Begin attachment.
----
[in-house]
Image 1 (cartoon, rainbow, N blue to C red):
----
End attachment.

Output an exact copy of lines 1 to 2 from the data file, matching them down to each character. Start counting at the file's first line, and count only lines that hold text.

[in-house]
Image 1 (cartoon, rainbow, N blue to C red):